Except for one full time job I had right out of college I don’t really know what it’s like to be employed. I have employees and treat them well, but I’m glad I’m not them. I can kind of screw off here and there throughout the day and call it early when I want. But at harvest time, whenever that may be, I have to make hay for as long as it takes. But, you know what? I haven’t been on a proper vacation since 2005. That kind of sucks.

  2. Krell Reply

    August 26, 2010 at 10:42 am

    Germans have many things about their economy and country to be admired. I especially am jealous of the social stature that they place on engineering.

    Good for 4D! He doing something he loves.

    • Holte Ender Reply

      August 26, 2010 at 11:23 am

      Not just engineering, but training and more training that goes with it. They nurture their engineers of all flavors, mechanical, architectural, civil etc etc.,

  3. Will "take no prisoners" Hart Reply

    August 26, 2010 at 12:19 pm

    Germany has a much better health care system than a lot of the other European nations. At least from what I can gather, it’s a hybrid of private and public funding that seemingly avoids a lot of the abuses of strictly one or the other.

  4. Stella by Starlight Reply

    August 30, 2010 at 10:06 am

    WILL!!! How are ya? Germany, like most countries, provide six weeks’ of vacation in addition to paid national holidays. Sweden taxes her citizens at 40-60%… but the money doesn’t go to a military industrial complex. Taxes are used to provide health care, affordable housing, and providing a free college education to her citizens. This practice is the same throughout Europe. Taxes also go to R&D for health care. Sweden has one of the most preeminent oncological centers in the world. I know full well the ill effects of being a wage slave ~ I worked one day for 26.5 hours and well remember working 7 days per week to earn college tuition, averaging 75 hours per week. I had two jobs where I was expected to work 12 hours per day: On salary. I am genuinely glad o know fourdinners enjoys his/ her work… that’s heartening. Americas work hareder than any industrialized nation in the world. As a result, we are emotionally and physically ill from being wage slaves. Lawyer, can I work for you? I promise I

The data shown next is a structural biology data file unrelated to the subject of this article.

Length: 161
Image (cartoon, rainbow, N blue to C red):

• Stella by Starlight Reply

      August 30, 2010 at 10:22 am

      … will not slack off. (Only so much room when one blogs via cel). I have a dim view of the American work ethic. Workers here have increaed their productivit by $1.35 billion. In the same year (2009 ) corporations made $572 billion in profits. The term “wage slave” is sadly apt. When 2% of Americans hold 90% of the wealth, as is the case in this era, perhaps we could learn much from the Europeans.

  5. Anonymous Reply

    January 2, 2011 at 3:31 pm

    As a german Historian I can assure you, that the idea
    that germany was economically rebuild from scratch after ww2 is nothing but a myth. The Marshall fund helped, but his importance is overrated.
    Since the 19th century Germany was the biggest economy on the continent and very advanced in science. Inspite of the bombings in ww2 the production-base was nearly intact. The biggest problem were the destroyed living quarters (in a time were millions of Germans fled the east), the famine, the cold and the destroyed production- and trade relation (the country was divorced in zones, no cross-trade allowed).
    Nevertheless were are thankful for the support the US granted us in the Cold War.